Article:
Autonomous vehicles may never match human drivers.

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While it is true that our vehicles are getting smarter and autonomous vehicles are becoming a reality, human drivers have a significant advantage – they can more easily adapt to new situations that may occur. For example, after driving through a road with many new potholes, human drivers would take steps to avoid such a road the next time. A human driver can also learn to avoid situations that cause unneeded stress for other drivers – those others would surely communicate their stress.

Theoretically, an autonomous vehicle could be programmed to also react and learn from various situations, just like humans. To do this, we can employ one of the many machine learning methods currently used in practice, such as artificial neural networks or support vector machines, which work by learning a model based on training examples. Such methods are successfully utilized for many applications, like detecting objects in images or spam detection. However, there is a major issue that concerns vehicle manufacturers and government regulatory agencies which may prevent their general use – they want to guarantee that vehicles behave in a predictable and safe manner. Yet some of the most effective machine learning methods we currently have at our disposal, ones that can learn very complex patterns, may result in models which we cannot fully understand. The behavior of the vehicles would be based on such models, so if we cannot understand them, we also cannot fully predict whether a vehicle would avoid crashing into a wall.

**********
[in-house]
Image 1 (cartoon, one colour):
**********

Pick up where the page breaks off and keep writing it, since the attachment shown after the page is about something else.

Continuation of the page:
The solution is to either use methods which produce more understandable models or try to better understand the models produced by the more complex methods. Yet even this may not be the full solution. Due to liability issues, manufacturers would most likely be unwilling to produce vehicles whose behavior changes over time. Yet without this, the autonomous vehicles will never truly match humans.

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